Yoga for Asthma Sierra Vista AZ

Local resource for yoga for asthma in Sierra Vista, AZ. Includes detailed information on local businesses that provide access to alternative treatment for asthma, asthma treatment, asthma specialists, and asthma relief, as well as advice and content on natural asthma remedies, asthma, bronchial inflammation, and breathing problems.

Marcia Galleher
(888) 271-4505
P.O. 786
Bisbee, AZ
Membership Organizations
Arizona Yoga Association

Data Provided By:
Coronado Veterinary Hospital
(520) 378-0911
4181 E Glenn Rd
Sierra Vista, AZ

Data Provided By:
Kenneth Adair Dregseth, MD
(520) 458-4648
444 Taylor Dr
Sierra Vista, AZ
Specialties
General Practice
Gender
Male
Education
Medical School: George Washington Univ Sch Of Med & Hlth Sci, Washington Dc 20037
Graduation Year: 1953

Data Provided By:
Mark C Carnett, DO
(520) 417-0468
75 Colonia De Salud Ste 200B
Sierra Vista, AZ
Specialties
General Practice
Gender
Male
Education
Medical School: Chicago Coll Of Osteo Med, Midwestern Univ, Chicago Il 60615
Graduation Year: 1990

Data Provided By:
Warren A Gluck
(800) 880-0088
300 El Camino Real
Sierra Vista, AZ
Specialty
General Practice, Emergency Medicine

Data Provided By:
New Frontier Animal Medical Center
(520) 459-0433
2045 Paseo San Luis
Sierra Vista, AZ

Data Provided By:
Jihad Georges Youssef
(520) 439-8300
2700 E Fry Blvd
Sierra Vista, AZ
Specialty
Internal Medicine, Pulmonary Disease, Sleep Medicine

Data Provided By:
Mark R Mouritsen
(520) 459-8990
2585 E Wilcox Dr
Sierra Vista, AZ
Specialty
Family Practice, Emergency Medicine

Data Provided By:
David Joseph Knapp
(520) 458-8145
75 Colonia De Salud Ste 200a
Sierra Vista, AZ
Specialty
Internal Medicine

Data Provided By:
John N Herrod
(520) 452-0388
2585 E Wilcox Dr
Sierra Vista, AZ
Specialty
Internal Medicine

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Yoga and Asthma- Yoga basics, Yoga Poses, Yoga Asanas, Yoga Mudras, Pranayamas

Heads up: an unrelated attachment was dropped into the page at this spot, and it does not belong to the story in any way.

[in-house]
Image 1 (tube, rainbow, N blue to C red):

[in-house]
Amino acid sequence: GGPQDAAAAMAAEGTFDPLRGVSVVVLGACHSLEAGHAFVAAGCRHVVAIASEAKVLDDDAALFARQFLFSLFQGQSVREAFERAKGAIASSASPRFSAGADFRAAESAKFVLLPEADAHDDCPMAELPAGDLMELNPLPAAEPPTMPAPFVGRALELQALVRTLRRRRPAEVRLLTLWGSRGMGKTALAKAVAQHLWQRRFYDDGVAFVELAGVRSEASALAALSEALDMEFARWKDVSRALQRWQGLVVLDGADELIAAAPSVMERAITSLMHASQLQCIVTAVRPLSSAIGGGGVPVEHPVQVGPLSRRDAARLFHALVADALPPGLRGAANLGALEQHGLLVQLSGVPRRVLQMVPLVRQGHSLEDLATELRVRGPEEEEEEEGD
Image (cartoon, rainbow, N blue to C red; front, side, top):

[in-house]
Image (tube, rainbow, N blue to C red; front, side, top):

Just imagine that it's the middle of the night and you suddenly wake up feeling uneasy. You are unable to catch your breath and getting suffocated. The whole world seems to be closing in around your throat and chest. The urgency to breathe is making you panic. Do you realize what is happening to you?

You're having an asthma attack! Asthma comes from the Greek word for "panting". Asthma is primarily a disease of the respiratory system, where there is a wheezing cough and a sense of suffocation, since the patient has difficulties in inhaling rather than exhaling the air. Asthmatic attacks can be triggered by allergies, exercise, cold air, pollution and stress related disorders. The attack of asthma may last for a few minutes, few hours or even days wherein the patient is exhausted. It is common to all ages, children and adolescents of both sexes, irrespective of socio-economic background. Asthma and Bronchitis are two chronic lung ailments that can cause damage to the lungs. These should be treated immediately to avoid any complications.

Several studies have shown yoga to be a powerful adjunct therapy to reduce the frequency and intensity of asthma attacks as well as to decrease medication use. Tests carried out at Yoga Therapy Centers, across the world, have shown remarkable results in curing asthma. In some cases it has also been found that attacks can actually be averted, without the aid of drugs, just through yogic practices. There is ample research evidence to substantiate the fact that Yoga Therapy makes the treatment so much more successful. Nowadays, even allopathic and homeopathic doctors have arrived at the consensus that Yoga is an excellent alternative therapy for Asthma.

In an experiment conducted in Western Australia, 22 male patients aged 52 to 65 were selected. They suffered from severe breathing. Half of the men underwent standard treatment: physiotherapy that included relaxation techniques, breathing exercises and general workouts to improve stamina. The other 11 men were given a yoga teacher instead of a physiotherapist. He taught them techniques of yoga breathing, which encouraged the use of all chest and abdominal muscles as well as ten yoga postures.

The patients practiced their particular exercises for nine months. Then they were reexamined at the hospital: a technician tested their lung function, a physician screened them closely to determine how their symptoms had changed, and a stationary exercise bicycle was used to measure their capacity for exercise.

The difference between the two groups was striking. The men who had practiced yoga showed a significant improvement in their ability to exercise, but the physiotherapy group did not. Eight or more out of the 11 patients who underwent yoga declared that they had definitely increased tolerance for exertion and that they recovered more quickly after exertion. The physiotherapy group reported no similar improvement. Best of all, the patients who had studied yoga app...

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